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      Inflammation of atrium after cardiac surgery is associated with inhomogeneity of atrial conduction and atrial fibrillation.


      Animals, Anti-Inflammatory Agents, pharmacology, therapeutic use, Atrial Fibrillation, etiology, prevention & control, Cardiac Surgical Procedures, adverse effects, Dogs, Electrophysiology, Heart Atria, pathology, physiopathology, Heart Conduction System, drug effects, Inflammation, complications, drug therapy, Peroxidase, metabolism, Postoperative Complications, Time Factors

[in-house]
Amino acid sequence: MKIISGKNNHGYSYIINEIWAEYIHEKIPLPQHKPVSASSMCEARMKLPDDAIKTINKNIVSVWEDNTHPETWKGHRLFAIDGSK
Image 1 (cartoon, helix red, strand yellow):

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          Atrial fibrillation (AF) is common after cardiac surgery. Abnormal conduction is an important substrate for AF. We hypothesized that atrial inflammation alters atrial conduction properties. Normal mongrel canines (n=24) were divided into 4 groups consisting of anesthesia alone (control group); pericardiotomy (pericardiotomy group); lateral right atriotomy (atriotomy group); and lateral right atriotomy with antiinflammatory therapy (methylprednisolone 2 mg/kg per day) (antiinflammatory group). Right atrial activation was examined 3 days after surgery. Inhomogeneity of conduction was quantified by the variation of maximum local activation phase difference. To initiate AF, burst pacing was performed. Myeloperoxidase activity and neutrophil cell infiltration in the atrial myocardium were measured to quantify the degree of inflammation. The inhomogeneity of atrial conduction of the atriotomy and pericardiotomy groups was higher than that of the control group (2.02+/-0.10, 1.51+/-0.03 versus 0.96+/-0.08, respectively; P<0.005). Antiinflammatory therapy decreased the inhomogeneity of atrial conduction after atriotomy (1.16+/-0.10; P<0.001). AF duration was longer in the atriotomy and pericardiotomy groups than in the control and antiinflammatory groups (P=0.012). There also were significant differences in myeloperoxidase activity between the atriotomy and pericardiotomy groups and the control group (0.72+/-0.09, 0.41+/-0.08 versus 0.18+/-0.03 DeltaOD/min per milligram protein, respectively; P<0.001). Myeloperoxidase activity of the antiinflammatory group was lower than that of the atriotomy group (0.17+/-0.02; P<0.001). Inhomogeneity of conduction correlated with myeloperoxidase activity (r=0.851, P<0.001). The degree of atrial inflammation was associated with a proportional increase in the inhomogeneity of atrial conduction and AF duration. This may be a factor in the pathogenesis of early postoperative AF. Antiinflammatory therapy has the potential to decrease the incidence of AF after cardiac surgery.

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